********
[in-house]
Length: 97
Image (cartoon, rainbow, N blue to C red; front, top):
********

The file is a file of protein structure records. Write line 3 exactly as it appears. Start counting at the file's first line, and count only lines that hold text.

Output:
Image (cartoon, rainbow, N blue to C red; front, top):